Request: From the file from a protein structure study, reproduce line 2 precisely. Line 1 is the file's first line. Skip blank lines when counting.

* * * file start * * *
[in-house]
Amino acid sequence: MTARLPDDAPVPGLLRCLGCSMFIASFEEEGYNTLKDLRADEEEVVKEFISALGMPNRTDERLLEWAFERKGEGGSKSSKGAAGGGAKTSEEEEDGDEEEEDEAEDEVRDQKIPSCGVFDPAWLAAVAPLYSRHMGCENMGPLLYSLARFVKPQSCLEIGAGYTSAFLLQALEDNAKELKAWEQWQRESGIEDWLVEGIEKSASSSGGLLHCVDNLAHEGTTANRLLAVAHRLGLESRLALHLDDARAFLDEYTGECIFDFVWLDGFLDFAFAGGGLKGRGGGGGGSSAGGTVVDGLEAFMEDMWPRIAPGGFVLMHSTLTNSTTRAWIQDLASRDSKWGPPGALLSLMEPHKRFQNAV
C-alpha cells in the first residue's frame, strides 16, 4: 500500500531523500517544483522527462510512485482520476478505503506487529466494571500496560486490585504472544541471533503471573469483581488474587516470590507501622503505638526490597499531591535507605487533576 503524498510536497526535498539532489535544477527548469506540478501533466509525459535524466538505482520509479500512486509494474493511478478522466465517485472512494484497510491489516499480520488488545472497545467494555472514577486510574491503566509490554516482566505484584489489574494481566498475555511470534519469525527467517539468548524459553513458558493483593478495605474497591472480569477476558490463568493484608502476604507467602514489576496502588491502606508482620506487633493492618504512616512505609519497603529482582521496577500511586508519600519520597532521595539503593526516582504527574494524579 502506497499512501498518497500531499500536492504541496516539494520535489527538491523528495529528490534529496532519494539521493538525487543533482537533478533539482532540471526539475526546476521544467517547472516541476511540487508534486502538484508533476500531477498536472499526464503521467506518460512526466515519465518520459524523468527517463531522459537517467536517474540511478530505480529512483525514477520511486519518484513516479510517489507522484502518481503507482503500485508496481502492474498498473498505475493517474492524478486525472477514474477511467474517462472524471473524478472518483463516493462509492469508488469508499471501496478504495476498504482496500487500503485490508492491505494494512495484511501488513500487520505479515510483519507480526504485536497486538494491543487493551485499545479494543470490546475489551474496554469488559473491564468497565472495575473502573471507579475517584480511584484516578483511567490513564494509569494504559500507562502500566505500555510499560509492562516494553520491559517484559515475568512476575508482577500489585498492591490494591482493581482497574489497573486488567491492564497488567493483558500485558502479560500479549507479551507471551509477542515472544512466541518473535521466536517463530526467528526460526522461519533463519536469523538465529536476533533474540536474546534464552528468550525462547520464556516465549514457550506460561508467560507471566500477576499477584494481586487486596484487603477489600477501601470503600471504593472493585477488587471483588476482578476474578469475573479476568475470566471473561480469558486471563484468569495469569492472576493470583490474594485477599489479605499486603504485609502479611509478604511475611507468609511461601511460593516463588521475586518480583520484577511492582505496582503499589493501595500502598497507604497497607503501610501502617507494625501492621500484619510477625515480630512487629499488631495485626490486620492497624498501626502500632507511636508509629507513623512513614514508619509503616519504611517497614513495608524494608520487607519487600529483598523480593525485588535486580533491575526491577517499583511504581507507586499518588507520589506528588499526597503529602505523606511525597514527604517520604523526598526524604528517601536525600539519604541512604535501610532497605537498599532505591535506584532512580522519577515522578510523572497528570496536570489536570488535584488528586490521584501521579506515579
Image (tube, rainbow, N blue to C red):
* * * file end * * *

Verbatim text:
Amino acid sequence: MTARLPDDAPVPGLLRCLGCSMFIASFEEEGYNTLKDLRADEEEVVKEFISALGMPNRTDERLLEWAFERKGEGGSKSSKGAAGGGAKTSEEEEDGDEEEEDEAEDEVRDQKIPSCGVFDPAWLAAVAPLYSRHMGCENMGPLLYSLARFVKPQSCLEIGAGYTSAFLLQALEDNAKELKAWEQWQRESGIEDWLVEGIEKSASSSGGLLHCVDNLAHEGTTANRLLAVAHRLGLESRLALHLDDARAFLDEYTGECIFDFVWLDGFLDFAFAGGGLKGRGGGGGGSSAGGTVVDGLEAFMEDMWPRIAPGGFVLMHSTLTNSTTRAWIQDLASRDSKWGPPGALLSLMEPHKRFQNAV